by Yotam Ottolenghi
Chronicle Books, San Francisco, 2011
Cooking on page 32
Yotam Ottolenghi is a popular Israeli-born British chef who is known for his superb vegetarian recipes. Plenty is his second cookbook and this is the second time I have cooked one of his recipes. The first one was caramelized fig, orange and feta salad.
He says the recipe here was inspired by the legendary sweet potato cakes he could buy at a small café, Orna and Ella’s, in Tel Aviv during his university days.
As a child, I wasn’t too keen on sweet potato, squash and/or pumpkin dishes, except for pumpkin pie. I think it was because my mother often added brown sugar to what was, in my mind, supposed to be a savoury vegetable dish.
So let’s see how this one turned out.
Sweet potato cakes
2¼ lbs peeled sweet potatoes, cut into large chunks
2 tsp soy sauce
scant ¾ cup all-purpose flour
1 tsp salt
½ tsp sugar
3 tbsp chopped green onion
½ tsp finely chopped fresh red chile (or more if you want them hot)
plenty of butter for frying
3 tbsp Greek yogurt
3 tbsp sour cream
2 tbsp olive oil
1 tbsp lemon juice
1 tbsp chopped cilantro (fresh coriander)
salt and black pepper
Steam the sweet potatoes until completely soft, then leave in a colander to drain for at least an hour.
To make the sauce. Whisk together all the sauce ingredients until smooth; set aside.
Once the sweet potatoes have lost most of their liquid, place them in a mixing bowl and add the rest of the ingredients (except the butter). Mix everything together, preferably by hand, until the mix is smooth and even; do not over mix. The mixture should be sticky; if it’s runny add some more flour.
Melt some butter in a non-stick frying pan. For each cake, use a tablespoon to life some mix into the pan and flatten with the back of the spook to create a not-too-perfect disc that is roughly 2 inches in diameter and 3/8-inch thick. Fry the cakes on medium heat for about 6 minutes on each side, or until you get a nice brown crust. Place in between two sheets of paper towels to soak up the excess butter. Serve hot or warm, with the sauce on the side.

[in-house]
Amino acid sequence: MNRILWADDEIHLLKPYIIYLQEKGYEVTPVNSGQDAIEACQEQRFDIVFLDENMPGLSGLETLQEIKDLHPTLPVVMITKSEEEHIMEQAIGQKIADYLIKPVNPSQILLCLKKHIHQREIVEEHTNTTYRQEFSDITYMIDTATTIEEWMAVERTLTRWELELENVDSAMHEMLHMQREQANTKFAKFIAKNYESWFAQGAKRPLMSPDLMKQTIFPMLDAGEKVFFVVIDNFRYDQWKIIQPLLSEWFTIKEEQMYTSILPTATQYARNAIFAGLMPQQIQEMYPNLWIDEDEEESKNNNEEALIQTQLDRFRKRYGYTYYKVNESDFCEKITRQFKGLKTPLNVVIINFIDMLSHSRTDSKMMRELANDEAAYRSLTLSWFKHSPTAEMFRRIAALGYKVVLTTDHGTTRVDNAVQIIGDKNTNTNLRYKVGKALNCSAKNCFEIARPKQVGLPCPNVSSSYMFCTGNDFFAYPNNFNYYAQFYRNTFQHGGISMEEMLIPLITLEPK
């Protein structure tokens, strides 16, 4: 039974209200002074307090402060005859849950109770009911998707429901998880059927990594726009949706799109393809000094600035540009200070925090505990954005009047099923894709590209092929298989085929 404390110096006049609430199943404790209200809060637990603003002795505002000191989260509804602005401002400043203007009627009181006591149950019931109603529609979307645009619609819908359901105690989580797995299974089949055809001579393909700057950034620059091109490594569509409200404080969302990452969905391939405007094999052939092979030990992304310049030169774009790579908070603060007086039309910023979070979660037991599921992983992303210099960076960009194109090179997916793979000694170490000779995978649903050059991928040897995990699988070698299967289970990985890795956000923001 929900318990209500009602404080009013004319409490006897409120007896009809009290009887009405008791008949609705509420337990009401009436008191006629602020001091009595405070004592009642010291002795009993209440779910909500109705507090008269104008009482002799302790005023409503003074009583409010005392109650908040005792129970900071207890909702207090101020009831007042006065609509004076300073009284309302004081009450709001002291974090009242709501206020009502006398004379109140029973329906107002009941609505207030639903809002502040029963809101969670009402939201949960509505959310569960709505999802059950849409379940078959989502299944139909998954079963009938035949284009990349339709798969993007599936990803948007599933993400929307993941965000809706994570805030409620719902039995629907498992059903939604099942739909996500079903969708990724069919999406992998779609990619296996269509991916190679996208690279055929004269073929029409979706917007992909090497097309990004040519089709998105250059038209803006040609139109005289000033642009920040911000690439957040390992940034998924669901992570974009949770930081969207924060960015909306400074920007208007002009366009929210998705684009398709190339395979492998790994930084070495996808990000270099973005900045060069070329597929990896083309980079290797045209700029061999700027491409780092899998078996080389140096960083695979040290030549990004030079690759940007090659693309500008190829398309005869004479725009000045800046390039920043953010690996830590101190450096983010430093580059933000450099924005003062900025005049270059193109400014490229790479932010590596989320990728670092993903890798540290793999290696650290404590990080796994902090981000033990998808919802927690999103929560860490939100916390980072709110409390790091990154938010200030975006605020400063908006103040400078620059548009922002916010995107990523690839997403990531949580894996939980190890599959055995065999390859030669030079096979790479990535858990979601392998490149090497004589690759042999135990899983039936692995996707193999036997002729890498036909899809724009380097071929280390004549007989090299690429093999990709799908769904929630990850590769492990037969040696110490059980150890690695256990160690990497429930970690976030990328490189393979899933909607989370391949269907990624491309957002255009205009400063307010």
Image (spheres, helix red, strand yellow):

How it played out
Over the years I’ve come to love sweet potatoes, but I still prefer them with a savoury, rather than a sweet, twist.
I love all the ingredients for this recipe, so I made it as written, except that I didn’t bother to soak up the excess butter. Frankly, I didn’t use too much butter to begin with so didn’t feel the need to get rid of what was left.
If you like sweet potatoes, or even if you think you don’t, give this recipe a try. It’s easy to make, nourishing, colourful and delicious. And the sauce is the perfect accompaniment. I bought more sweet potatoes and yogurt today, so we must like it. 🙂
Serve these as a side dish, or make them smaller and serve as an appetiser or a snack with drinks. Use the sauce as a dipper. I reckon everyone will love them.
We love potatoes. Here’s a link to a street-side breakfast stall where we ate wonderful Indian potato cakes. Yummo!